Sec. 8. No banking law shall be in force until the same shall have been submitted to a vote of the electors of the state at some general election, and approved by a majority of all the votes cast at such general election.

Sec. 9. Any banking law may be amended or repealed.

ARTICLE 14

AMENDMENTS

Section 1. Propositions for the amendment of this constitution may be made by either branch of the legislature; and if two-thirds of all the members elected to each house shall concur therein, such proposed amendments together with the yeas and nays shall be entered on the journal; and the secretary of state shall cause the same to be published in at least one newspaper in each county of the state where a newspaper is published, for three months preceding the next election for representatives, at which time the same shall be submitted to the electors for their approval or rejection; and if a majority of the electors voting on said amendments, at said election, shall adopt the amendments, the same shall become a part of the constitution. When more than one amendment shall be submitted at the same time, they shall be so submitted as to enable the electors to vote on each amendment separately; and not more than three propositions to amend shall be submitted at the same election.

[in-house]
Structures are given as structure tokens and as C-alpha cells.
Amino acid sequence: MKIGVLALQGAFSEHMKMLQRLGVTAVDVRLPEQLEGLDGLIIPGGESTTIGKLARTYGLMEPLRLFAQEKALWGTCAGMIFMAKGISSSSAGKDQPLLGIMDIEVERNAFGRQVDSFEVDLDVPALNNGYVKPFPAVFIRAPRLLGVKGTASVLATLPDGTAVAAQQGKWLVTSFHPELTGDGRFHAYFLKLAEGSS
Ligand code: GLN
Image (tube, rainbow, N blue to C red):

SEC. 2. Whenever two-thirds of the members elected to each branch of the legislature shall think it necessary to call a convention to revise, amend or change this constitution, they shall recommend to the electors to vote at the next election of members to the legislature, for or against a convention; and if a majority of all the electors voting at such election shall have voted for a convention, the legislature shall, at the next session, provide for calling the same.

? Adopted November, 1861.